7 Secrets To Raising Productive Teenage Daughters

Bringing up daughters is complicated. Empowerment messages and impressive achievements are everywhere, yet depression and anxiety are very real threats.  

This year’s International Day of the Girl Child, which comes up on the 11th of October,  celebrates the incredible potential of girls worldwide, and recognizes their right to a ‘safe, educated and healthy life, not only during these critical formative years, but also as they mature into women’.

7 Secrets To Raising Productive Teenage Daughters

 

I have brought up 4 girls, all grown now, and I can tell you that it is not easy at all. But we got through and I am a walking encyclopedia on how to handle the tweens, and teens…. I will try to remember! So let us talk about how you can help your daughter become her best, well-rounded self in spite of it all that is thrown at them. They have to deal with technology, peers and even some unconscious negative behavior of their parents.

It is very important that both mother and father play a role in their lives – especially with the onslaught of technology. Girls have an innate desire to know that they are beautiful and worth fighting for. 

Here are few secrets to raising productive, well-rounded teenage girls.

Secret 1: Brand Early

Children are what we say they are. Begin now to take every opportunity to inform your daughter of her strengths. She will view herself as you view her. Send messages of self-confidence and heartiness: “You are smart.” “You are strong.” “You can do anything.” “You can be anything.” Your words will become her beliefs. One caution about praise: be matter of fact, be genuine, and don’t over inflate her.



Secret 2: Promote Independence

Encourage your daughter to do for herself and to try new challenges. Continue to send messages of strength: “You can do this.” “You can figure this out.” Teach her to manage money, to fix things, to camp, to enjoy math and science, to play ball, to golf, to throw, to make a go-cart, to build a tree house, to play chess, to use tools, to paddle a canoe, etc. She will grow to learn that she is capable of doing anything.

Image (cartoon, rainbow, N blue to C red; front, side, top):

Secret 3:  Promote Thinking

Parents have a responsibility to teach their daughters to think. Ask them questions. “What do YOU think about that?” “Why do you think that happened?” “That answer is correct. How did you figure that out?” By questioning, praising, and probing you will help your daughter sharpen her ideas, refine her thinking, learn to express her opinions, value her intelligence and achieve more.


Secret 4: Promote Learning

No matter what a girl’s age it’s important to encourage her to learn. Read together about important things. Encourage her to read about active, hearty females and about women inventors, artists, and writers. Read about women in leadership. Every time a girl opens a book and only reads about an active, adventurous male and a weak woman, she learns that she is worthless. Rather make it a point to promote learning about powerful women. [Read about some of them here Role ModelsStories & Adventures). 


Secret 5: Promote Education

Do not allow your daughter to have the opportunity not to choose education. Frame your conversations with her about her future with expectations of higher education. “When you go to college…” “When you study hard and become a successful woman…” Do not, and I repeat, do not say “If you go to college”. This gives an option. Teach early that college follows high school. Enough said!



Secret 6: Promote Open Career Options

Show your daughter that females can and do select careers in all fields. Point this out whenever you can. “Did you notice that the doctor is a woman?” “Sarah’s mom is a lawyer. What do you think about that?” “A woman ran for president. What do you think about that?” Let your daughter know that she can choose what she wants to do. Encourage math and science fields. Let her read about women in these fields. [Read: How to Raise Entrepreneurs]


Secret 7: Promote Awareness

Help your daughter become aware of gender bias. Girls need to recognize it in order to respond to it. Pose questions to her about fairness. “Do you think only girls should do the dishes?” Get her thinking about and noticing when people make her feel inadequate or uncomfortable. Encourage her to speak up and speak out. Teach by example. When you see gender bias happening, politely call attention to it.

The truth about raising daughters is this:; it takes plenty of good humour, a lot of time and a huge amount of love. Lastly, there will be the odd occasion when you have to just cling on tight and hope the road is not going to stay so bumpy for long.

But when I think back to when our fourth daughter appeared, I can truly say it was the day that made me feel like the luckiest woman alive; and nothing that has happened since has ever dented that feeling for long.

Contributed by Dr. Laila St.Matthew-Daniel

SEE ALSO:  10 Secrets to Building your Child’s Self-Esteem

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